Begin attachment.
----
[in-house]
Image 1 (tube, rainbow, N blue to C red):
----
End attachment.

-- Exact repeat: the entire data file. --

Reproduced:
[in-house]
Image 1 (tube, rainbow, N blue to C red):